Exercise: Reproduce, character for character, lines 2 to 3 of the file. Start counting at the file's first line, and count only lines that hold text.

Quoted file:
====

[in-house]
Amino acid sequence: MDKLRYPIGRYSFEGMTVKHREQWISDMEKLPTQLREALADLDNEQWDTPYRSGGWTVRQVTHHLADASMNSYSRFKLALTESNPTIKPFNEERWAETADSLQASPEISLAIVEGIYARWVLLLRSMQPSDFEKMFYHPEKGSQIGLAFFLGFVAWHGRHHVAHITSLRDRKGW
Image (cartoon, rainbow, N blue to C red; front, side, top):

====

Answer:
Amino acid sequence: MDKLRYPIGRYSFEGMTVKHREQWISDMEKLPTQLREALADLDNEQWDTPYRSGGWTVRQVTHHLADASMNSYSRFKLALTESNPTIKPFNEERWAETADSLQASPEISLAIVEGIYARWVLLLRSMQPSDFEKMFYHPEKGSQIGLAFFLGFVAWHGRHHVAHITSLRDRKGW
Image (cartoon, rainbow, N blue to C red; front, side, top):